Beginning with the premise that women's perceptions of manliness are crucial to its construction, The author focuses on the life and writings of Charlotte Yonge as a prism for understanding the formulation of masculinities in the Victorian period. Yonge was a prolific writer whose bestselling fiction and extensive journalism enjoyed a wide readership. The author situates Yonge's work in the context of her family connections with the army, showing that an interlocking of worldly and spiritual warfare was fundamental to Yonge's outlook. For Yonge, all good Christians are soldiers, and Walton argues persuasively that the medievalised discourse of sanctified violence executed by upright moral men that is often connected with late nineteenth-century Imperialism began earlier in the century, and that Yonge's work was one major strand that gave it substance. Of significance, Yonge also endorsed missionary work, which she viewed as an extension of a father's duties in the neighborhood and which was closely allied to a vigorous promotion of refashioned Tory paternalism. The author's study is rich in historical context, including Yonge's connections with the Tractarians, the effects of industrialization, and Britain's Imperial enterprises. Informed by extensive archival scholarship, Walton offers important insights into the contradictory messages about manhood current in the mid-nineteenth century through the works of a major but undervalued Victorian author.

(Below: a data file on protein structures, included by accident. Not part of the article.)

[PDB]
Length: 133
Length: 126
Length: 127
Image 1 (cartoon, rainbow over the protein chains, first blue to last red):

Contents: Introduction: 'Make us thine own soldiers true'; Happy warriors? Military matters in the 1850s; Shaping brothers and sons into soldiers I; Shaping brothers and sons into soldiers II; The fatherland of parish and community; The fatherlands of Henrietta's Wish and Hopes and Fears; Missionary men as Christian knights; The heirs of The Heir of Redclyffe in the South Pacific; Charlotte Yonge's historical heroes; Bibliography; Index.